“There are really no tools to collect dietary data from people going through chemotherapy. You can imagine, on a day-to-day basis, a patient’s diet changes depending on how well they feel or don’t feel,” Greathouse said, “We’re going to be piloting that in this study. From there, we will analyze dietary data to search for trends that might be associated with the prevalence or severity of Chemotherapy-Induced Diarrhea, response to treatment and long-term gastrointestinal symptoms.”

The DoD grant will enable Greathouse to enroll and collect data from over 100 patients with stage-two or stage-three colon cancer, in partnership with the Baylor Scott & White McClinton Cancer Center in Waco and Baylor Scott & White Medical Center in Temple. On the project, she will work with Baylor research mentors Touradj Solouki, Ph.D., professor of chemistry, Ramon Lavado, Ph.D., assistant professor of environmental science and Lucas Wong, M.D., hematologic oncologist at Baylor Scott & White.

Greathouse and her research team will collect data from patients on their dietary intake, analyze data on microbes in their gut at the time of diagnosis, and collect dietary intake and gut bacteria from stool samples for analysis throughout chemotherapy. In partnership with longtime collaborator Jun Chen, Ph.D., of the Mayo Clinic, Greathouse will utilize machine learning, a type of artificial intelligence, to analyze vast amounts of data and develop algorithms to identify biomarkers or predictive biomarkers that can help clinicians and patients better treat and manage colon cancer therapy.

“We’ll be looking to see if there is any correlation between the microbiome gut analysis, and if there are specific metabolites or bugs that actually correlate with the prevalence or severity of CID,” Greathouse said.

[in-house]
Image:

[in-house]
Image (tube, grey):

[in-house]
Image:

“I'm most intrigued to understand if how you've been eating over the past year affects how you respond to treatment, because there are indications that it should. Does your diet leading to treatment affect how you're going to respond? Does your diet during treatment dictate how you respond? Right now, there’s very little evidence and very little data to help dietitians understand whether or not changing somebody's diet is going to help them respond better or not to treatment. It would be very meaningful to find that out, and to be able to help patients eat in such a way to help them respond better to treatment.”

Culture of Collaboration

Greathouse’s Career Development Award adds to an impressive year for faculty earning such honors. In the spring, four other colleagues earned CAREER grants from the NSF. Five such awards in one year represents a new high for the University.

“The recent increase in the number of career award winners clearly demonstrates that we are hiring well in a variety of disciplines, and we are building a strong foundation for future success and sustainability of our research enterprise,” Kevin Chambliss, Ph.D., Vice Provost for Research, said. “I fully expect that the success of this year’s career award winners will increase our ability to recruit top talent in the future, which will further accelerate our progress toward R1.”

Greathouse, who came to Baylor in 2015, has seen the University’s increased focus on meaningful research, codified in the strategic plan of Illuminate to pursue R1 research status, accelerate a culture of collaborative research that leads to more impactful work.

“It's really supportive. Having the option to collaborate with multiple people around campus who do a variety of work is very helpful for my research, because it gives me a lot of strengths that I can pull from that I don't necessarily have myself. You don’t get that everywhere,” Greathouse said. “Awards like the career grant are critical to demonstrate that and put Baylor on the map nationally—we have the resources and the talent to execute and address important issues.”